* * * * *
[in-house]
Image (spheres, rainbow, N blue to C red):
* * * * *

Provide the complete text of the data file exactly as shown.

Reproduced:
[in-house]
Image (spheres, rainbow, N blue to C red):